Robert and Stephanie dress up!
The Best of Turkey - A Rick Steves' Tour
Everywhere I looked there were people passing time enjoying each others company - just "hanging out"
A young vendor at Korkuteli Farmer's Market
Can't find the color you want?
He gave me his address, but I lost it
After breakfast in Antalya, we boarded the bus and drove toward Pamukkale. On the way we stopped in Korkuteli for its huge and lively farmer's market. I think that you could find just about anything you wanted at this market. I enjoyed watching the hustle and bustle of everyone shopping and watching all the people who seemed to go to the market just to chat with their friends.
My mom finds something she needed
He wanted this photo of himself
More men just "hanging out"
Here's one of my only regrets from this whole trip: I lost this man's name and address! I told him I would send him this photo. (I told other people along the way that I would send them photos and stayed true to my word.) His friends were probably telling him, "she'll never send it." Hopefully I haven't tarnished their view of Americans too much. ... I guess I'll have to return to Turkey someday, so I can find him in person!
Our next stop on the road to Pamukkale was the sleepy little town of Oguz. Oguz is definitely not a typical tourist stop ... but that's what made it an absolutely wonderful place to stop.
We stopped at this unassuming little cafe. All the men who were there got up from there chairs so that all of us could sit down and the owner served us apple tea.
The main street in Oguz
I learned a few new Turkish words from these Oguz children
Gathered to learn about poppies and opium
The cafe in Oguz
An Oguzli woman greets us from her window
Its worth noting that Oguz has a gorgeous mosque
As we were walking back through town, a brightly colored truck slowly approached. Seated in the back of the truck there was a young boy yelling something in Turkish over a loudspeaker. As the truck got closer, children ran from their houses. What was it? ... an ice cream truck, of course! (To me, moments like these are priceless.)
Susan P. and mom, Rosie, enjoying their ice cream!
The ice cream truck!
After sipping tea, we walked through town to the local poppy fields where Sidar's friend taught us about poppies and opium. (Honestly, I didn't listen very well ... I wandered away to interact with the children in town ... but I think there was something said about the government using the opium harvested from the poppies ... ????? I'm sure that one of my "cousins" could better write about the poppy lesson!)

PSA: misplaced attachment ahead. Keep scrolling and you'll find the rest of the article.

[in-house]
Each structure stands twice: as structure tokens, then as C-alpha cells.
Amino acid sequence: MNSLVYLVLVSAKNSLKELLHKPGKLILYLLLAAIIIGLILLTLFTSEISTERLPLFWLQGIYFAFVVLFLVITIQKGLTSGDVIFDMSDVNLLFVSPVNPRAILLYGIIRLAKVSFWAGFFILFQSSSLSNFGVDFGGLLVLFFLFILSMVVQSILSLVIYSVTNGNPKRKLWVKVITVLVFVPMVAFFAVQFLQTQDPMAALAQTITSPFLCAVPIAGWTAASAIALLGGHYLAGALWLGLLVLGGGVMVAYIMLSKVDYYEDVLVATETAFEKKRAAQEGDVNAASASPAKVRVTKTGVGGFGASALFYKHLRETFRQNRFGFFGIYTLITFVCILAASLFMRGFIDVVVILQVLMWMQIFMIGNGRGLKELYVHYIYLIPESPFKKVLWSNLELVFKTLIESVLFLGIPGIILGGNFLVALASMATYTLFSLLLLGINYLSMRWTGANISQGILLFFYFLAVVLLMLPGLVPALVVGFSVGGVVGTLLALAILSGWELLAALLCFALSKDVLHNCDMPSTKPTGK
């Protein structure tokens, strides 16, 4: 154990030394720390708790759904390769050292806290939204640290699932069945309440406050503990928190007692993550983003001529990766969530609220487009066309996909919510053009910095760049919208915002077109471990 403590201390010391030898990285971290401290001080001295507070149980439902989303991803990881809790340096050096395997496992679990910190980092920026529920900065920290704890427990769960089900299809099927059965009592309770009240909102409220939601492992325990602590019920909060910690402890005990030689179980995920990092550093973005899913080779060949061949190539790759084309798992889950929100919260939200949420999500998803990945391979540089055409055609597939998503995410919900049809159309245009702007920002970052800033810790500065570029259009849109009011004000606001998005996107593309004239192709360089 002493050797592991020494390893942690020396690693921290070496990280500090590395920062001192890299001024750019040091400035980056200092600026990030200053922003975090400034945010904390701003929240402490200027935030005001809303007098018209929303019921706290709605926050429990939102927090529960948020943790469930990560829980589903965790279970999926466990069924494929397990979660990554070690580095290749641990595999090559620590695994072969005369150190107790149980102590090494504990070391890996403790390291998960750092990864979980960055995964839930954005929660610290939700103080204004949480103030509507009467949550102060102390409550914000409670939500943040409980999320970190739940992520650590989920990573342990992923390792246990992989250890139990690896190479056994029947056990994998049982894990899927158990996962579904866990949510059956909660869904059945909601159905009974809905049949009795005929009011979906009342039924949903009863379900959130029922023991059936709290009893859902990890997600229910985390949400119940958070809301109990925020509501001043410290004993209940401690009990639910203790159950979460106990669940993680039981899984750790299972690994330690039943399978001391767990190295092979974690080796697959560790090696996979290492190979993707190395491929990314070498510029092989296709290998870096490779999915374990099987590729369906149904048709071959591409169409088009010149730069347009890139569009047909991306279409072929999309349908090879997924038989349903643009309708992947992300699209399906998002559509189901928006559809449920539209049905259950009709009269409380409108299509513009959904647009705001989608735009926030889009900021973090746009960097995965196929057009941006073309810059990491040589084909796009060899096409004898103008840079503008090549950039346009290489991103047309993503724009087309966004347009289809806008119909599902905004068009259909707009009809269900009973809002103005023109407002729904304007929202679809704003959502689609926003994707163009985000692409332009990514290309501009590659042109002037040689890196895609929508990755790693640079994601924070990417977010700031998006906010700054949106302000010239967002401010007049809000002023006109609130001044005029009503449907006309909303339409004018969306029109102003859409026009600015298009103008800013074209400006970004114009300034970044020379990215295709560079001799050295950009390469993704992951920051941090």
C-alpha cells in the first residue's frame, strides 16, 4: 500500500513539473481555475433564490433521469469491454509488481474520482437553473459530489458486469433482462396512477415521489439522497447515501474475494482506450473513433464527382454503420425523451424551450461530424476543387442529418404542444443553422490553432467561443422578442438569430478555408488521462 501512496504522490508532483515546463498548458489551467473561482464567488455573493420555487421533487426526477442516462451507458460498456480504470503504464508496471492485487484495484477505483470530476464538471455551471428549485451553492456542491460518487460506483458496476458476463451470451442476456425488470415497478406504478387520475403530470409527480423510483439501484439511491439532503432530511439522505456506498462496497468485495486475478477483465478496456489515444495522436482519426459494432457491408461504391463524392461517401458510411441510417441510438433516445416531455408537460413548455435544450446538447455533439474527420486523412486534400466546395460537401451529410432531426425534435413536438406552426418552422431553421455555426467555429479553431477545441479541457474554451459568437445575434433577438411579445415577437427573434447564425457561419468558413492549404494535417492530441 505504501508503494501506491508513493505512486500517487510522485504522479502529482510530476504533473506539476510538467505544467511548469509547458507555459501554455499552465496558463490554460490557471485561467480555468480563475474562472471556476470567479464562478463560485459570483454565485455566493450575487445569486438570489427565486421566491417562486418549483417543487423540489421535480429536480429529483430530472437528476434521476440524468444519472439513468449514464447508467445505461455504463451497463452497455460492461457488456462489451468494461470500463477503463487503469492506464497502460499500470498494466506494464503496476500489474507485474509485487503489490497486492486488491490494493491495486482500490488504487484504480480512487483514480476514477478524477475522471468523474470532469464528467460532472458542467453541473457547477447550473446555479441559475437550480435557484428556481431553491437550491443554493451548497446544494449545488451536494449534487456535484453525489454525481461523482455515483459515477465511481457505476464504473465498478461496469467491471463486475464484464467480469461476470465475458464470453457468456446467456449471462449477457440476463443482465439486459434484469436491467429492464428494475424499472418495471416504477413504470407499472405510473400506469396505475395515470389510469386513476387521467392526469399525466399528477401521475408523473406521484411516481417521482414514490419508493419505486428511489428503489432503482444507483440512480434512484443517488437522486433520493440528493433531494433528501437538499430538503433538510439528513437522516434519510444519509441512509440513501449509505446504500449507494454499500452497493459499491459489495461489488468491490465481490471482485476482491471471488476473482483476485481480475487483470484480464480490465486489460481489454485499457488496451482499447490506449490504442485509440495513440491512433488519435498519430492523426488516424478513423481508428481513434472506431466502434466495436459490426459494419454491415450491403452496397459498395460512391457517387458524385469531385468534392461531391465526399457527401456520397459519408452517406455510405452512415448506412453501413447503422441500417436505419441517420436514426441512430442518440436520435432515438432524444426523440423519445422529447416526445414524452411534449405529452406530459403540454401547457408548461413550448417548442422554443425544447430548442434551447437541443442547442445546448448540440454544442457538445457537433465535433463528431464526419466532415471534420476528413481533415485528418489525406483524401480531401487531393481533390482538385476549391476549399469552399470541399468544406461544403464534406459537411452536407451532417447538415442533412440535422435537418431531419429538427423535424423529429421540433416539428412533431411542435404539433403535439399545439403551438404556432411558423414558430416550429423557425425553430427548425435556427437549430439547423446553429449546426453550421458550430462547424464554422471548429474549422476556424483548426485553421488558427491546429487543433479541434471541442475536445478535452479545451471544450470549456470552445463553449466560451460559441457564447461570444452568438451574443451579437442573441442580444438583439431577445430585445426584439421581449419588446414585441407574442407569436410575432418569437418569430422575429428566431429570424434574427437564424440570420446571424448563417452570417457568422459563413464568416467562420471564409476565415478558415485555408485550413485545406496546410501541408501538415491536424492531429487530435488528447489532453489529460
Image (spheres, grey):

Sidar's friend taught us about the poppy fields
It's amazing to think about how long ago these words were written
We arrived at Pamukkale
in the afternoon. Before visiting the pools, we stopped at the ruins of Hieropolis. The Romans built the city of Hieropolis because the nearby waters of Pamakkale were thought to have curative powers. The sick went to the ancient city to seek out healing.
Many of those people seeking healing died in Hieropolis ... thus there is a large necropolis (cemetery) there. I actually found exploring this area more interesting than the travertine pools.
Pamukkale means "cotton castle." Calcium that has been deposited all over the cliffs looks like snow ... or cotton. It is an interesting place, but I think that the photos you will see in guide books make it look much more beautiful than it actually is. (It was raining when we were there. Maybe it's more spectacular in the sunlight.)
The swimming pool at Pamukkale
The Andersons at Pamukkale
Debbie, Susan K., and my mom at Pamukkale
The necropolis (cemetery) at Hieropolis
There is a swimming pool that has been filled with fallen Roman columns. Again, this was something that I thought looked more appealing in the guide books than in person ... plus the area was extremely crowded. We were given the opportunity to swim, but I chose not to.